Tag Archives: Sarasota Health News

Reporters use county rankings for analysis

Andrew Van Dam

About Andrew Van Dam

Andrew Van Dam of The Wall Street Journal previously worked at the AHCJ offices while earning his master’s degree at the Missouri School of Journalism.

On Feb. 17, rankings of the relative health of counties in each American state were released by the Robert Wood Johnson Foundation and the University of Wisconsin. The rankings used data from 13 distinct (mostly federal) sources, including the National Center for Health Statistics, the Census Bureau and the Dartmouth Atlas. With that data, researchers computed eight separate composite scores, which were then weighted to produce one overall score. The ratings are navigated by clicking through a national map to the state and county level. Enough clicks will even bring you to the raw data itself. The state only compares counties, not states, because data collection varies from state to state and isn’t always standardized.

logo1It’s a combination of data, analysis and an intuitive interface, and journalists have been quick to localize the story. Many reporters reached beyond the easy numbers (“our county is 67th!”) to use the system for deeper stories.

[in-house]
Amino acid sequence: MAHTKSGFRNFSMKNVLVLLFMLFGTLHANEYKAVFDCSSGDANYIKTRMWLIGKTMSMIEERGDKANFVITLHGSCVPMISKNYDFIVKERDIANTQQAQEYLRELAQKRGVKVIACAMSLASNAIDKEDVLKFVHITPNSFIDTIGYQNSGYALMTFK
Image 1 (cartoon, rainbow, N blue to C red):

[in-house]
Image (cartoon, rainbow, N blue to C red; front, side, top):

For example, Robin Erb of the Detroit Free Press dissected the ratings process and how individual factors and disparities played into them before launching into the standard state breakdown.

Writing for Health News Florida, David Gulliver took a broader state view and considered how various socioeconomic factors played into the rankings of Florida counties. Gulliver’s analysis:

The strong-performing coastal counties, like Collier, St. John’s Sarasota, Charlotte, Palm Beach and Broward, all benefit from having heavy concentrations of retirees who have guaranteed health care access via Medicare. …

[Dr. Kevin Sherin, director of public health for Orange County] said that in Florida’s tourism and service industries, workers tend to be transient and less likely to have insurance or consistent primary care.